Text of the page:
One in five businesses have fallen victim to cyber attacks in the past year, according to the British Chambers of Commerce (BCC).
The survey of more than 1,200 businesses across the UK found that 20% had been hit by a cyber-attack in the last 12 months. Big businesses are far more likely than their smaller counterparts to be victims of attacks (42% of companies with more than 100 staff, compared to 18% of companies with fewer than 99 employees).
“It is interesting that only one in five businesses have said that they have been hit by a cyber attack, and begs the question of whether they actually understand what a cyber-attack looks like? Phishing attacks for example hit every business, large or small, and are a primary method of attack to compromise a network, yet if a business doesn’t classify it as a cyber attack then it will go under the radar and play down the serious and volatile landscape all businesses now reside in,” said Mark Stollery, Managing Consultant, Enterprise and Cyber Security, UK and Ireland at Fujitsu.
The results indicate that businesses are most reliant on IT providers (63%) to resolve issues after an attack, compared to banks and financial institutions (12%) or police and law enforcement (2%).
The findings show that 21% of businesses believe the threat of cybercrime is preventing their company from growing.
“Part of the problem is the lack of awareness that businesses have when it comes to their data. The vast majority of business don’t know what their critical data is, where it’s stored and who has access to it. This combined with a mix and match approach to security technologies has resulted in a patchwork of solutions being deployed that fail to fully protect an organisation from attack,” said John Madelin, CEO at Reliance ACSN.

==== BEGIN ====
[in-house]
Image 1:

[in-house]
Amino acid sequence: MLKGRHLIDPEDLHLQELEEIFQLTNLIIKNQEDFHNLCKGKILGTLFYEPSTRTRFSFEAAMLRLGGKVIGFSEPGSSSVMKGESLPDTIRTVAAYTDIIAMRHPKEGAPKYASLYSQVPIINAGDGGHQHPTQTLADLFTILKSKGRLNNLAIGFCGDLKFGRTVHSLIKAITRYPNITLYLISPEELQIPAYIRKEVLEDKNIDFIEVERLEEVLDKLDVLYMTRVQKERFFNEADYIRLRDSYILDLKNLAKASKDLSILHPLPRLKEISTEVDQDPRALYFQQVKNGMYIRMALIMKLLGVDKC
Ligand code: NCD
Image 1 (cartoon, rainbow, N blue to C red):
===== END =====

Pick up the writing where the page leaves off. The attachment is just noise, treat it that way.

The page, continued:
The survey also shows:
- Only a quarter (24%) of businesses have cyber security accreditations in place
- Smaller businesses are far less likely to have accreditation (10% of sole traders and 15% of those with 1-4 employees) than big businesses (47% with more than 100 employees).
- Of the businesses that do have accreditations, half (49%) believe it gives their business a competitive advantage over rival companies, and a third (33%) consider it important in creating a more secure environment when trading with other businesses
“Support for open source standards like STIX and TAXII need to sit at the core of the fight for true threat intelligence. These help re-align IT security efforts based on real-time information exchanges between government, commercial suppliers, non-profit efforts and industry partners. These standards should be embedded in any UK business to drive a culture of openness and sharing, giving the good guys a far stronger chance in triumphing over the bad,” said Joep Gommers, CEO at EclecticIQ.